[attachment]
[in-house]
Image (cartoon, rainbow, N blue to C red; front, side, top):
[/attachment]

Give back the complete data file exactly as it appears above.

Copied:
[in-house]
Image (cartoon, rainbow, N blue to C red; front, side, top):